We are having N gold coins and M silver coins. There are k items each having some cost, A gold coins and B silver coins, where A or B can be zero also.
What can be algorithm to purchase maximum number of items?
We are having N gold coins and M silver coins. There are k items each having some cost, A gold coins and B silver coins, where A or B can be zero also. What can be algorithm to purchase maximum number of items? 


In this problem, every item has a two dimensional cost. Let item i have cost c[i] = < a, b > where a is the cost in gold coins and b in the cost of silver coins. The items can now be partially ordered so that item i is 'notmoreexpensive' than item j if
Note that this is a partial order. Two items <1, 2> and <2, 1> are not comparable in this partial ordering; neither one is notmoreexpensive than the other. It is now clear that a greedy algorithm can safely buy items as long as they are 'notmoreexpensive' compared to every other item remaining, but when there are multiple noncomparable items available, more analysis (e.g. search) can be needed. For example, if the costs are
this results in this partial order:
(most expensive item on the bottom). A greedy algorithm would purchase first <1, 1>. After that, both <2, 1> and <1, 2> are viable purchasing options. If the algorithm chooses to buy <2, 1>, the next to buy is then <1, 2> because it is now notmoreexpensive than all other remaining items (<3, 3>). Simple greedy algorithms can fail. With the setup <2, 1>, <1, 2>, <3, 0> and initial amount of coins gold = 4, silver = 2, the optimal solution is to by <1, 2> and <3, 0>, but buying <2, 1> first leads to being able to purchase only that item (purchases is left with <2, 1> coins that doesn't allow to buy any of the two remaining items). I would approach this buy building the partial order structure and then performing a backtracking search. If time constraints wouldn't allow for full backtracking, I would use limited backtracking as a heuristics for an otherwise greedy algorithm.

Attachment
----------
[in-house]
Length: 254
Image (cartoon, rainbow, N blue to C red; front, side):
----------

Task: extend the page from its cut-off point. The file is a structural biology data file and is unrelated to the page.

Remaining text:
Is this the Knapsack Problem?The problem you described is not the Knapsack problem. Here, you only want to maximize the number of items, not their total cost. In the Knapsack problem, you're interested instead in maximizing the total cost, while respecting the sack's capacity. In order words, you want to grab the most valuable items that would fit in your sack. You don't really care about how many of them, but only that they're the most valuable ones! Below, we'll at two variants of the problem:
Single Currency VariantAssuming you're only allowed to spend N gold coins and M silver coins, here is an algorithm that should work:
This algorithm only takes O(nlogn) time because of the sorting. MultiCurrency VariantThe above solution assumes that the two currencies can be converted to each other. Another variation of the problem involves orthogonal currencies, where the two currencies are not convertible to each other. In this case, all costs will be specified as vectors. In order to solve this problem using a dynamic programming algorithm. We need to ask if exhibits the following two traits:
Imagine a twodimensional table with N rows and M columns. The
Our algorithm essentially will fill out this table. In row To complete the table, we could use two lexicographically sorted arrays,
where This solution takes O((MN + n)logn) time to compute and uses O(MN + n) space. 


There is no "algorithm." You're describing a version of the Knapsack Problem, a wellknown NPcomplete problem. For SMALL versions of the problem, with small N,M, and k, you just go through all the different combinations. For larger versions, there is no known way to find an "optimal" solution that takes less than the lifetime of the universe to compute. The closest thing there is to solving this involves a field known as linear programming. It's... not a simple thing, but you can go read up on it if you like.